Sunday, 3 April 2011

A load of gas!

We have been living on borrowed time with the gas cylinder attached to the cooker. It should have run out weeks ago. The full one to replace it has been stored in a house in Wa waiting for collection. Today, I took the bull by the horns and embraced the challenge to get it home. I had spent the weekend with my Dutch friends in Wa and doing some shopping at the "Point & Shout" (a dark, very untidy shop with shelves 15 feet high, that sells Quakers Oats, Heinz Baked Beans, Corned Beef and other luxuries) It was aptly named some time ago. A team of young men armed with long poles knock down anything you need from the top shelves. However, they are not terribly well conversant with the names of things in English, hence the need to wave your arms around pointing and shouting "No, further along, the next one!". I ended up with a heavy bag of cans and packets that will give us considerable pleasure over the next couple of weeks.

All the taxi drivers are young, cheerful and desperate to find some connection with you. They live in the same village or know it, have a sister with your name, or even a sister who looks like you, amazingly!! Ali was no different this morning, desperate to be helpful at a price. I explained the task and we ventured out in search of the house with the gas. We found it after a couple of wrong turns and before long the gas cylinder was in the boot of his car. Not long after we had negotiated the tro tro station and having paid and tipped Ali, I needed to tip someone else to get it on the tro, fortunately not on the roof today. Everything was going smoothly as we set off, for the first time in a partly filled van. Unfortunately, we came across a broken down tro and needed to squeeze as many people as possible into ours. I was now 1 of 4 adults with 3 children on the back seat and me with my feet on a heavy, large gas cylinder and my knees around my ears. We made it to the village. Patricia met me and we managed to carry the cylinder and bag of cans between us for a few metres, until a teenage girl insisted on taking the handle on my side and completing the journey to the house. This is not unusual behaviour here. Children are brought up to do a wide range of chores around the house, before and after school and some physically demanding. They are naturally helpful and seem never to complain. They are also incredibly strong.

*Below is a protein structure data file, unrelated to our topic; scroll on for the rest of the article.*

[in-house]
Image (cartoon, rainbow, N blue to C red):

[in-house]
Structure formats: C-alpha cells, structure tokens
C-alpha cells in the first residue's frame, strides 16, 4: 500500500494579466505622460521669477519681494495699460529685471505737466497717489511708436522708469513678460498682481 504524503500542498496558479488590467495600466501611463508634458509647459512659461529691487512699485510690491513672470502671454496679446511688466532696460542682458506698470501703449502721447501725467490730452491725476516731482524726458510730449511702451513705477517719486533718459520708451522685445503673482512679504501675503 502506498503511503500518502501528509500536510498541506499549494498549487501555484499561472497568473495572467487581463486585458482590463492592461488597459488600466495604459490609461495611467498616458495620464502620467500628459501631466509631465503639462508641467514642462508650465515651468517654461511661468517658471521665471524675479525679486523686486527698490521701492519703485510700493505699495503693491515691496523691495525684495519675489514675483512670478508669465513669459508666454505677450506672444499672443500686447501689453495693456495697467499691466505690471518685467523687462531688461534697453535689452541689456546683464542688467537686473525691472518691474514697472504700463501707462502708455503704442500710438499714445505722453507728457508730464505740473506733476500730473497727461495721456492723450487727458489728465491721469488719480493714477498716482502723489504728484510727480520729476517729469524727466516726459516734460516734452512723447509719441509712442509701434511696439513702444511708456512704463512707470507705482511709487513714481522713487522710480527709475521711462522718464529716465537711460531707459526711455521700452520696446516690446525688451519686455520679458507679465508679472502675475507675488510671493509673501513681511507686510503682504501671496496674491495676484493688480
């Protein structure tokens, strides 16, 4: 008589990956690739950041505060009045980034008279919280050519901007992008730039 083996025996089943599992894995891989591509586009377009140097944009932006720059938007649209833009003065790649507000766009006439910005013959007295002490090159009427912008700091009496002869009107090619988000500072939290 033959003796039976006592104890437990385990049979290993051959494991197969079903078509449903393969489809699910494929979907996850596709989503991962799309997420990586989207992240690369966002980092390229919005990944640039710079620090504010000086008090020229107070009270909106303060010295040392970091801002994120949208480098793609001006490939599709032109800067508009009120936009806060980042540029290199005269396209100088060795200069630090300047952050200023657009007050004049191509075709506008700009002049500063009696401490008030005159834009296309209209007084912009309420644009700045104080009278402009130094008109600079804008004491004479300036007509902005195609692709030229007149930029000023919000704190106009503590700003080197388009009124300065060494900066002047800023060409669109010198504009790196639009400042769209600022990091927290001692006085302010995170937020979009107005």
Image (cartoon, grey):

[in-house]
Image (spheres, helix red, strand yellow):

Here are a couple of shots from the tro. Just a little scenery that will change in a month to being spectacularly green and lush with the rains, we hope.

This is one of the "spots" we pass with a makeshift petrol station at the kerb. No, don't mention health and safety! You buy it by the jug out of the can. You never see Ghanaians smoking, just as well outside the bar, really!

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